New tech used to promote exceptional traditional culture
China’s top 10 digital innovations announced
Published: Oct 12, 2023 10:25 PM
Visitors try a naked-eye 3D device in the digital culture exhibition area at the 10th West China Culture Industries Expo in Xi'an, northwest China's Shaanxi Province, Aug. 18, 2023. The 10th West China Culture Industries Expo opened on Thursday in Xi'an and will last till Aug. 20. The digital culture exhibition area of the expo features the latest achievements in the application of digital technology in the cultural industry, providing immersive experience of digital culture for the visitors. Photo: Xinhua

Photo: Xinhua

The Chinese Ministry of Culture and Tourism recently unveiled its latest selection of the top 10 digital innovation cases in the cultural and tourism sector, which includes multiple exemplary projects showcasing the cutting-edge use of digital technology to both transform traditional cultural works and aid in the preservation of China's rich heritage.

One standout case involves an immersive Yue Opera (known for its euphemistic lyricism) performance of Lin Daiyu Buries the Fallen Flowers, a classic story from the 18th-century Chinese novel Dream of the Red Chamber.

Leveraging virtual reality (VR) technology and augmented reality (AR) glasses, this innovative production merges virtual Yue Opera performances with real stage settings. This unique integration of digital and live performances marks a groundbreaking shift in traditional theater experiences.

Another instance, the Red Chamber Fantasy digital exhibition also drew inspiration from the Dream of the Red Chamber. Utilizing immersive lighting effects and virtual reality technology, this exhibit offers seven thematic immersive digital spaces that delve into the novel's love stories, character relationships, and folk culture.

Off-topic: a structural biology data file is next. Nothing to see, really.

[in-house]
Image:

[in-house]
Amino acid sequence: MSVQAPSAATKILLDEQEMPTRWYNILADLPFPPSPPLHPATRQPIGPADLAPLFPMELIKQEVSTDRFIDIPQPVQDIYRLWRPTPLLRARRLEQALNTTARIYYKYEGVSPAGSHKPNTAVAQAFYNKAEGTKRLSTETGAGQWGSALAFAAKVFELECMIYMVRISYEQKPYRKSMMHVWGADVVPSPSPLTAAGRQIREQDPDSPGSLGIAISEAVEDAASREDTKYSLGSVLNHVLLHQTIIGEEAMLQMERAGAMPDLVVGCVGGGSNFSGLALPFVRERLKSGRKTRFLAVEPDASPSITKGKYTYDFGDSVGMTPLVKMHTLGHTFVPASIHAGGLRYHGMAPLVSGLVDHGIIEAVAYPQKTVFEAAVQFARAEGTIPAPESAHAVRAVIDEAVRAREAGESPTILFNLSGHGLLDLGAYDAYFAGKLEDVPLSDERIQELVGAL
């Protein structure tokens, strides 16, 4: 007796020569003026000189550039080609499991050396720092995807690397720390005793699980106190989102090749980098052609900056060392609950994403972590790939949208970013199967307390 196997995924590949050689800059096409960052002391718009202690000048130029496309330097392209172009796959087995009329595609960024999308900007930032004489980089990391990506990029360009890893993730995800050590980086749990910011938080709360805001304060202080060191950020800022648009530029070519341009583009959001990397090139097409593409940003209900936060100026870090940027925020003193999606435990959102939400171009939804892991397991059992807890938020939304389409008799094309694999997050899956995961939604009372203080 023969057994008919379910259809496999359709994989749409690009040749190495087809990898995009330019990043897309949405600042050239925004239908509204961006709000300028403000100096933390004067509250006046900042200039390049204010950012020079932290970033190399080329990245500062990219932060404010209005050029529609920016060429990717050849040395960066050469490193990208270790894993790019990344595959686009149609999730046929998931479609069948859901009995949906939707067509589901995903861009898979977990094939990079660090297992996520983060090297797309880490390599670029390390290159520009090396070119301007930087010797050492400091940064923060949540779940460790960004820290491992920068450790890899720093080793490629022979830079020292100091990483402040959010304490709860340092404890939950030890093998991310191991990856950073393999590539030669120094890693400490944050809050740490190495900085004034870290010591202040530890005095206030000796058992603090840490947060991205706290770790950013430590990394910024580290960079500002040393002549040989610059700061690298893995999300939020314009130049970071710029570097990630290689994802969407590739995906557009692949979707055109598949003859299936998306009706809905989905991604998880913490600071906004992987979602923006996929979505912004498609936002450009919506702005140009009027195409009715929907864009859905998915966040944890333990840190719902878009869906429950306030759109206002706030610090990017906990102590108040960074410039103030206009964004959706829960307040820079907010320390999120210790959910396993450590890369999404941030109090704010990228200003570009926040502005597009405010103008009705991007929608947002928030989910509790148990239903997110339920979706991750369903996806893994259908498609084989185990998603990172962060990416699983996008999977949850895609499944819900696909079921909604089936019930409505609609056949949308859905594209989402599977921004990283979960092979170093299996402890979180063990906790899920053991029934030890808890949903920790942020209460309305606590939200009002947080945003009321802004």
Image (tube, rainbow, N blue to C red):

The Luoyang virtual reality theater provides an unparalleled immersive drama experience by merging live theater with VR interactivity. Through scene reconstructions and interactive role-play, this project enhances immersion. 

Cutting-edge technology like motion capture and VR redirection, coupled with features such as audio vibrating floors, ensures that the boundary between reality and virtuality is blurred, delivering a digitally fused cultural experience that allows visitors to be immersed in the bustling scenery of the divine capital Luoyang over 1,000 years ago.

Apart from these innovative transformations, digital technology is also being used for the preservation of China's exceptional traditional cultural works. The National Library of China, for instance, has used 3D restoration technology to create a database for the Yongle Dadian. Commissioned by the Yongle Emperor in 1403, it collects more than 7,000 kinds of ancient Chinese books and records, covering literature, art, history, geography, philosophy and religion from the pre-Qin period (pre-221BC) to the early Ming Dynasty (1368-1644).

The database provides an immersive display of the contents of the Yongle Dadian, which consists of 40 volumes and 75 chapters. Hundreds of classic works of traditional Chinese culture are displayed in a VR format. Moreover, VR exhibitions, including those about classic literature are being offered to readers online to promote the sharing of cultural resources.

The Suzhou Silk Museum is leading the charge in digitizing traditional silk designs, resulting in a treasure trove of data assets for cultural enterprises. Over 1,300 silk designs have been digitized, paving the way for the development of animation derivatives, audio equipment, cultural and creative products, and much more.

The primary objective of these projects is to use digital technology to propagate China's exceptional traditional culture while maintaining a commitment to innovation, a spokesperson of the Ministry of Culture and Tourism remarked.

Cases exemplifying how digital technology drives innovative models, formats, and approaches, empowering high-quality development in the culture and tourism sector have been included in the list.

For instance, Douyin, the Chinese version of TikTok, has created a virtual stage for live performances, ushering in a "dual performance" model, which integrates online and offline elements. This innovative approach supports the digital transformation and upgrading of cultural and performing arts groups.